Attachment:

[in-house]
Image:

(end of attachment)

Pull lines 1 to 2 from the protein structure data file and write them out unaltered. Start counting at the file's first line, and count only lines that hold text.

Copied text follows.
[in-house]
Image: